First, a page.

How often do you hear someone quoting the latest benchmarking results and telling you the type of enterprise you should run to be most profitable? Don’t get me wrong that stuff is important, but just how important is it?
I am here to tell you that the last thing you want to be is a commodity chaser. That is, the person that changes their enterprise because someone said there is more money in this other one over here. At the same time you don’t want to be the stick in the mud that is so stubborn that “change” isn’t even in your vocabulary.
So what should you be? The best bloody version of you that you can be. Doing something that you are passionate about. Something that you are good at. Something that you love.
We see it everyday. If someone is trying to manage an enterprise that they aren’t passionate about, it just doesn’t perform as well as it should. At the same time we see enterprises that according to benchmarking aren’t as good as the others, but the sheer passion and drive of the individual makes it a profitable option.
So my question to you is “why do you do what you do?” Or more to the point, what gets you out of bed each morning? Are you trying to be in the bottom 20%, or maybe just aiming to be average? I highly doubt it. A man once drowned while trying to cross a river with an average depth of just six inches. Don’t be average.
I saw a quote recently that suggested that 80% of farmers believe they are in the top 20% (sorry to whoever’s quote that is, I can’t find it now!). That’s far from ideal, and suggests that there is a clear role for benchmarking to tell you where you sit.
That’s great for where you are now, but in setting goals for the future you should understand what is scientifically and practically possible, and set your own goals. Aim big, achieve big. An industry achieving mediocrity is not something to base your own future on.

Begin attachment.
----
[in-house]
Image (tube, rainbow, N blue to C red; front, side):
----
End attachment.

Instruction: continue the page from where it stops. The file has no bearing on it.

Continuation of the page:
So back to what you do. There is more change happening right now than I have ever seen in the industry. Merinos changing to prime lamb operations, croppers bringing sheep back into the mix, cattle leaving mixed operations, while re-entering others.
There is real fear for the Merino due to the mass exodus that has been happening in recent years. And I suspect plenty in the industry will be relaxing with the thought that the recent jump in prices will help drive people back to the Merino. I am here to tell you that, while it might help, I doubt it will actually stem the flow.
Put simply, many people are just sick of Merinos. It’s not a money thing. It is a personal achievement thing. How much can you achieve with an animal that has been bred for 100+ years for traits that are antagonistic with survival, growth, fertility, and general do-ability (a word I hate, but that actually does appear to mean something in the case of the Merino).
If the Merino industry wants to stem the bleeding, then stand up, take some ownership and make the progress required to breed a strong, robust animal that doesn’t require mulesing, that marks plenty of lambs, and gives its owners genuine satisfaction rather than lingering despair.
Obviously there are some out there doing just this, but it is a lonely few, not an industry. Our industry needs leaders, and plenty of them. Leaders don’t need titles, just the ability to inspire others through their actions. This isn’t just a crack at the poor merinos, but our industry as a whole.
Stand up. Show some leadership. Take some ownership. Forget Tradition. It’s time for change.
You will find more challenging thoughts like this at our upcoming event -
Achieve More Forum – Inverleigh March 31st 2017 – for more details visit